Our goal, first and foremost, was to help people keep a roof overhead and food in their refrigerators.
We heard repeatedly that our neighbors in San Mateo County needed help, people like Milagritos.
“I have been struggling to feed my child who is 10 years old and as a family, we have had a hard time paying our bills and rent,” shared Milagritos. “I have been very stressed because of the job situation during COVID-19. I don’t know when I will be back to normal work hours because I clean houses and people do not want anyone in their homes.”
With Milagritos’ story in mind and the meeting coming to an end, there was a sense that the first hurdle had been cleared. Under normal circumstances, a collaborative might take months to form and a funder might require several rounds of requests for proposals, applications and interviews before making a funding decision. But we were operating in crisis mode. There was no time for business as usual, and John respected and trusted our organizations to serve families in San Mateo County quickly.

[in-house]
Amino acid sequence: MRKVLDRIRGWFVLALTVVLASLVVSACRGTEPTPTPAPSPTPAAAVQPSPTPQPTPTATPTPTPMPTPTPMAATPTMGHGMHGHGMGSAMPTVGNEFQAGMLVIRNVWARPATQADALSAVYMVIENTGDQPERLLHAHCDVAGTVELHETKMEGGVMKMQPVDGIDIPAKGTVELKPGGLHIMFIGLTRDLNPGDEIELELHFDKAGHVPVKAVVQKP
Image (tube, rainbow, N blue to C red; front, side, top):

We leveraged existing relationships to rapidly forge bonds of trust. José began working the phones to speak with partners, funders and allies who already knew John and Bart in other contexts. He also communicated with both directly, scheduling 1-on-1 calls to get to know them better while emailing back and forth at two in the morning to keep the fund moving forward and get cash into families’ hands faster. The others did the same.